It can be difficult for buyers to know where to start when buying a home. When it's time to get serious about buying a home, you need to begin with a firm base of expert advice, so read on and learn more about making your first move a smart one.
Start Here – Make no mistake about it — buying a home is a major financial action. Your first appointment, though, should be with a real estate agent rather than a lender. Speaking with an agent first allows you to gain knowledge over a wider area. The overview provided by a real estate agent covers issues like:
- The local market conditions and whether they are more favorable for buyers or sellers.
- What to consider when choosing a home location.
- How much home you can buy at various price points.
- Neighborhoods that are on the upswing and those that are in decline.
- Agents can refer you to all types of real estate professionals you will be doing business with in the coming weeks. Agents know all the best lenders, appraisers, homeowners' insurance people, and home inspectors.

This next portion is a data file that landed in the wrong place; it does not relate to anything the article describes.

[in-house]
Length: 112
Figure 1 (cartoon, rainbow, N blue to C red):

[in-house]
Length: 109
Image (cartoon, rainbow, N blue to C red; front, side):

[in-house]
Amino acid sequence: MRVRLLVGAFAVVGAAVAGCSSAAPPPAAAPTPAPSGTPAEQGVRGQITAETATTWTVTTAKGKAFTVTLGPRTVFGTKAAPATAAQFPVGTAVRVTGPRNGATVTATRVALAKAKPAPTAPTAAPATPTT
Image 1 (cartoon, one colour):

- Agents are surprisingly knowledgeable about financial matters. They know about special loan programs and can help match you up with the right lender for, things like FHA or VA loans. Agents also know about and can help you understand financing terms, interest rates, and more.
Talk to a Lender – After finding an agent to help you find a home, follow up by getting by facts about your personal financial situation nailed down. A pre-approval from the lender provides buyers with a price range for a home loan that they can comfortably assume will be approved when the time comes. The pre-approval is based on a quick and simple calculation of your current debt obligations and your income. Here's some other common helpful information to carry away from a meeting with a lender:
- How to improve or at least maintain your current credit score all the way through the home-buying process. Many buyers make the mistake of being approved for financing and then using available credit on furniture purchases. Making certain moves during the due diligence process can bring down a credit score and prompt a reevaluation of your debt-to-income (DTI) ratio.
- The importance of not changing jobs or disturbing savings accounts during the process. Loan approvals are largely built on the stability of the applicant in their career field.
- How other housing expenses can affect your approval and your budget later on. That means dealing with property taxes, homeowners' insurance premiums, fees, closing costs, and more.
Get started by contacting a resource like Re/Max Alliance - The Diane Stow Team today.